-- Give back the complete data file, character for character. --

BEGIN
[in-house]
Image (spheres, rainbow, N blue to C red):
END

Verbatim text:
[in-house]
Image (spheres, rainbow, N blue to C red):